We believe this initiative, prompted by the promising results of our Keeping Families Together pilot, is a great example of how an innovative idea, fearless leadership and intentional partnership can spur investment in more efficient and effective services for the most fragile families. In 2014, we look forward to more families becoming and staying housed under this initiative. We look forward to better outcomes for families next year and a better future for their children in the years that follow.

As 2013 closes, we are grateful to our public and private partners for their leadership and for the many inventive service providers across the country willing and able to stretch the limits of their work to achieve better results for kids and families.

CSH in the News – November

The Newark Advocate, November 2
Groundbreaking Offers More Housing for Those with Mental Illness
At a groundbreaking celebration Friday for The Main Place’s new housing community, The Place Next Door, Cavins said she was thrilled there will be more options in Newark for people living with severe and persistent mental illness. At Friday’s ground breaking, Ted Jones, senior program manager of the Corporation for Supportive Housing, asked the audience where they go when they are feeling sick. “At home you can relax, eat and sleep and do things to get better,” he said. “For these people, they might not have anywhere else to go.”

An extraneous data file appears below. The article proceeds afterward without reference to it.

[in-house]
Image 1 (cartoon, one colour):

My Central Jersey.com, November 4
VA Opens 62-Unit Valley Brook Village for Veterans in Bernard
The U.S. Department of Veterans Affairs (VA) Under Secretary for Health joined representatives from the VA New Jersey Health Care System, Peabody Properties Inc., Community Hope, Windover Development, MetLife, the National Equity Fund and LISC in celebrating the grand opening of Valley Brook Village, an affordable permanent supportive rental housing project in Bernards for homeless and at-risk low-income veterans.

New Jersey Hills, November 8
A New Beginning’ for Veterans in Bernards Township
Help for veterans was not just a promise but a reality as officials gathered on Wednesday, Oct. 30, for the grand opening of a new rental housing complex at the Lyons Veterans Administration (VA) Medical Center.

CSH in the News – October

San Diego Source, October 10
Brown Should Sign Local-Control Bill on Housing